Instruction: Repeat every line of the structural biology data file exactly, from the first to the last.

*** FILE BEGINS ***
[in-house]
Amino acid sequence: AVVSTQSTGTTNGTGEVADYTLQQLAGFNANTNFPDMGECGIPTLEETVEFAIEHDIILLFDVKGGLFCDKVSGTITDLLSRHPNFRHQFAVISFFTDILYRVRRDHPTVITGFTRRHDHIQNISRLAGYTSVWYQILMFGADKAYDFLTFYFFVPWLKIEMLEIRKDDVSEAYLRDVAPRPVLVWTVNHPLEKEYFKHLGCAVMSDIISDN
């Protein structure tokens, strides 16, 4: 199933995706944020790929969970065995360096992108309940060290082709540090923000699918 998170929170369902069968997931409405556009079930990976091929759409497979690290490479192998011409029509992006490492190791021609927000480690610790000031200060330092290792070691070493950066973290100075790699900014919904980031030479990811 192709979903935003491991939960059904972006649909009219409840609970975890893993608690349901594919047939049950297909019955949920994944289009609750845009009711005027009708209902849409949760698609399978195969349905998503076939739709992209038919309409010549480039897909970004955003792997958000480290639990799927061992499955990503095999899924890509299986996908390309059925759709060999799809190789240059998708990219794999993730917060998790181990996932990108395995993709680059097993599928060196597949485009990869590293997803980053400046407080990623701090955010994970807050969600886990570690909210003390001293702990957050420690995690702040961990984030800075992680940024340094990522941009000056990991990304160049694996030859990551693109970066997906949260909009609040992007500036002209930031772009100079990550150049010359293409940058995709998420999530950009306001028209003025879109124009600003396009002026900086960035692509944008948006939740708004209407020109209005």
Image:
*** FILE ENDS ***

[in-house]
Amino acid sequence: AVVSTQSTGTTNGTGEVADYTLQQLAGFNANTNFPDMGECGIPTLEETVEFAIEHDIILLFDVKGGLFCDKVSGTITDLLSRHPNFRHQFAVISFFTDILYRVRRDHPTVITGFTRRHDHIQNISRLAGYTSVWYQILMFGADKAYDFLTFYFFVPWLKIEMLEIRKDDVSEAYLRDVAPRPVLVWTVNHPLEKEYFKHLGCAVMSDIISDN
């Protein structure tokens, strides 16, 4: 199933995706944020790929969970065995360096992108309940060290082709540090923000699918 998170929170369902069968997931409405556009079930990976091929759409497979690290490479192998011409029509992006490492190791021609927000480690610790000031200060330092290792070691070493950066973290100075790699900014919904980031030479990811 192709979903935003491991939960059904972006649909009219409840609970975890893993608690349901594919047939049950297909019955949920994944289009609750845009009711005027009708209902849409949760698609399978195969349905998503076939739709992209038919309409010549480039897909970004955003792997958000480290639990799927061992499955990503095999899924890509299986996908390309059925759709060999799809190789240059998708990219794999993730917060998790181990996932990108395995993709680059097993599928060196597949485009990869590293997803980053400046407080990623701090955010994970807050969600886990570690909210003390001293702990957050420690995690702040961990984030800075992680940024340094990522941009000056990991990304160049694996030859990551693109970066997906949260909009609040992007500036002209930031772009100079990550150049010359293409940058995709998420999530950009306001028209003025879109124009600003396009002026900086960035692509944008948006939740708004209407020109209005």
Image: